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MOVEit discloses THIRD critical vulnerability

In chess, the threefold repetition rule states that a player may claim a draw if the same position occurs three times during the game. Whether this means that customers of the popular file transfer utility MOVEit Transfer can ask for their money back remains to be seen, but we do hope it signals the end of the game.

Let’s do a small recap first, because it’s easy to lose track here. The Common Vulnerabilities and Exposures (CVE) database lists publicly disclosed computer security flaws. We will use these CVE numbers where available.


This latest vulnerability could lead to escalated privileges and potential unauthorized access to the environment.

Please note that it is very important to follow the instructions outlined in the latest advisory regarding the order in which the patches need to be applied and based on how many patches have already been applied.

The best advice provided by Progress is probably to disable all HTTP and HTTPs traffic to MOVEit Transfer on ports 80 and 443 to safeguard the environments while a patch is being prepared to address the vulnerabilities and in case even more of them come to the surface.

Meanwhile the Cybersecurity and Infrastructure Security Agency (CISA)  says it’s providing support to several federal agencies that have experienced intrusions affecting their MOVEit applications. Among the probably hundreds of victims are Payroll provider Zellis who serves British Airways and the BBC, oil giant Shell, several financial services organizations, insurance companies, and many others. Reportedly, two US Department of Energy (DOE) entities were also compromised.

Victims have been identified in the UK, US, Germany, Austria, Switzerland, Luxembourg, France, and the Netherlands. Organizations in the US make for most of the victims, but no ransom demands have been made of federal agencies according to a CISA spokesperson.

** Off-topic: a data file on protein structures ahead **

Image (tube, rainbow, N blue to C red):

Cl0p re-emphasized that it was not going to use data stolen from government organizations with a message on its dark web site:

“We got a lot of emails about government data, we don’t have it. We have completely deleted this information. We are only interested in business, everything related to the government has been deleted.”

We shouldn’t mistake this for altruism. It could be they are simply afraid of the consequences and because they are fully aware that governmental organizations are not allowed to pay the ransom anyway, so there is no profit to be made there.

Our own Cybersecurity Evangelist, Mark Stockley, has his doubts about Cl0p’s methods:

“Cl0p’s approach supposes that the US government would react more strongly to sensitive data being leaked than it would to multiple simultaneous breaches by the same criminal organisation. This ignores the fact that by using zero-days to attack hundreds of targets simultaneously, including parts of the federal government, Cl0p has already made itself ransomware’s squeakiest wheel.”

Stay tuned for future developments.

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  • Block common forms of entry. Create a plan for patching vulnerabilities in internet-facing systems quickly; and disable or harden remote access like RDP and VPNs.
  • Prevent intrusions. Stop threats early before they can even infiltrate or infect your endpoints. Use endpoint security software that can prevent exploits and malware used to deliver ransomware.
  • Detect intrusions. Make it harder for intruders to operate inside your organization by segmenting networks and assigning access rights prudently. Use EDR or MDR to detect unusual activity before an attack occurs.
  • Stop malicious encryption. Deploy Endpoint Detection and Response software like Malwarebytes EDR that uses multiple different detection techniques to identify ransomware, and ransomware rollback to restore damaged system files.
  • Create offsite, offline backups. Keep backups offsite and offline, beyond the reach of attackers. Test them regularly to make sure you can restore essential business functions swiftly.
  • Don’t get attacked twice. Once you’ve isolated the outbreak and stopped the first attack, you must remove every trace of the attackers, their malware, their tools, and their methods of entry, to avoid being attacked again.

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